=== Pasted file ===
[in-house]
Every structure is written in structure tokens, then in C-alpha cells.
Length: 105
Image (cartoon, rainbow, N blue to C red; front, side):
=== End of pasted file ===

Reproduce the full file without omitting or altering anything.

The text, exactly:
[in-house]
Every structure is written in structure tokens, then in C-alpha cells.
Length: 105
Image (cartoon, rainbow, N blue to C red; front, side):